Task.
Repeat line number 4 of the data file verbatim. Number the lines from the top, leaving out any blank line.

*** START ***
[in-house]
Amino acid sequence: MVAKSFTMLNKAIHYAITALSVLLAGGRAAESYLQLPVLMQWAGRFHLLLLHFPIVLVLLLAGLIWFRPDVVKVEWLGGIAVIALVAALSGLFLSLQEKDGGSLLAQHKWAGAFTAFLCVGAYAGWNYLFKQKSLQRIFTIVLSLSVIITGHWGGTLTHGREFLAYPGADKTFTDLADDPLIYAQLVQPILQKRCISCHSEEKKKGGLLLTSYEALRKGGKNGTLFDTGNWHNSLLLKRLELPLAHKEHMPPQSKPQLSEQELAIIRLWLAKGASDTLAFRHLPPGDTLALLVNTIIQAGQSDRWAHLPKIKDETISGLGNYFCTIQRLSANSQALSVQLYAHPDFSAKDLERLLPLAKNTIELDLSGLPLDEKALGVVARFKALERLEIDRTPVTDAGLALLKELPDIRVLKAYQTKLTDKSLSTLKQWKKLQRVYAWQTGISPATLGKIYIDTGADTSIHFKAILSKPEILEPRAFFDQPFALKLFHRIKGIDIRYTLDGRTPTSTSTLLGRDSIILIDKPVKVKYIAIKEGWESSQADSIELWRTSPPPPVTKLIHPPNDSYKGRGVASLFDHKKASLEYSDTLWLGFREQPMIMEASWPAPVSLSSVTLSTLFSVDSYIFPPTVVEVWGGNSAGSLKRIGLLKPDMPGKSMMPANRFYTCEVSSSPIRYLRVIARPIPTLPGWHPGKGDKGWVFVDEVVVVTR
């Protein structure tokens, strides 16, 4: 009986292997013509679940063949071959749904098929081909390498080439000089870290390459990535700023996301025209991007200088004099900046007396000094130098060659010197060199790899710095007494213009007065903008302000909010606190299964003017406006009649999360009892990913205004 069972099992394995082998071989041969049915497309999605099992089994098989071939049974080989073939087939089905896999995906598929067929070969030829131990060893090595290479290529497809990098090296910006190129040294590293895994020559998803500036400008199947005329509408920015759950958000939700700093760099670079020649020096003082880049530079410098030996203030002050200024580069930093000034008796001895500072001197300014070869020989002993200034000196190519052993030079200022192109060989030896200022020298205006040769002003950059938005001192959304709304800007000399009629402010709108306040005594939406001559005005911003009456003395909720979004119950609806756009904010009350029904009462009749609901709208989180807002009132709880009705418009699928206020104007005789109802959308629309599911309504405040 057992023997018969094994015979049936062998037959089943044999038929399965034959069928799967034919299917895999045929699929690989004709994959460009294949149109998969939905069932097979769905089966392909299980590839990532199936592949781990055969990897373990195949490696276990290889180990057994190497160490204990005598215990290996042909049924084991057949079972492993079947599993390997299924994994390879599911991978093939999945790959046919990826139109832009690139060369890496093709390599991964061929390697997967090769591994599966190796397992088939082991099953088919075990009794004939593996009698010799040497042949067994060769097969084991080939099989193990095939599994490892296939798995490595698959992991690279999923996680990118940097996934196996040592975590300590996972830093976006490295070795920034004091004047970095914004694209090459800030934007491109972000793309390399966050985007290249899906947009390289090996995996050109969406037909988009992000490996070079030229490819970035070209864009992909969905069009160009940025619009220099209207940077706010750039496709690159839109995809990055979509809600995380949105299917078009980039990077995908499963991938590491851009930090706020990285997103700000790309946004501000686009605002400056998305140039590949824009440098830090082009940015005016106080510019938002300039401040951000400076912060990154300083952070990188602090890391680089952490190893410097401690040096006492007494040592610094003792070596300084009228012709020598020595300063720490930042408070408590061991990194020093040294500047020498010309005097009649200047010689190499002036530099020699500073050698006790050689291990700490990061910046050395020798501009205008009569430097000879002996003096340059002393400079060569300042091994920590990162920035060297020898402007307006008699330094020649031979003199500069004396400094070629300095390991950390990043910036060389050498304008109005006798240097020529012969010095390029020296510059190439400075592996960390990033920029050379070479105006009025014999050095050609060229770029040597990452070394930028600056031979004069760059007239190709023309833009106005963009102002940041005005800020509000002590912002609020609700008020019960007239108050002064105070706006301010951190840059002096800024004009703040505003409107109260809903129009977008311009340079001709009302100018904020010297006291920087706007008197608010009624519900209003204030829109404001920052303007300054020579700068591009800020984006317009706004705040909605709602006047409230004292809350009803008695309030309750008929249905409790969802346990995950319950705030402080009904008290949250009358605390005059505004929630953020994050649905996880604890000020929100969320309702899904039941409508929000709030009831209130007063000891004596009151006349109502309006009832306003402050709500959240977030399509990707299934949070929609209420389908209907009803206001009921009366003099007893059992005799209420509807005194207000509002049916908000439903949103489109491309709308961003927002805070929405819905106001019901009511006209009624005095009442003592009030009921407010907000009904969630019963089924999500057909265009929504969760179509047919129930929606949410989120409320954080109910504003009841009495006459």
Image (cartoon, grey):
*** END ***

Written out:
Image (cartoon, grey):